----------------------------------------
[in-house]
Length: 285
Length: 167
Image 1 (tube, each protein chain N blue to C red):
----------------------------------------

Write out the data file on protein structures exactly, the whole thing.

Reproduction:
[in-house]
Length: 285
Length: 167
Image 1 (tube, each protein chain N blue to C red):